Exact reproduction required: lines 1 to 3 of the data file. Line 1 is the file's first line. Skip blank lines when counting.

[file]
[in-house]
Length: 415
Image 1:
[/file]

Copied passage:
[in-house]
Length: 415
Image 1: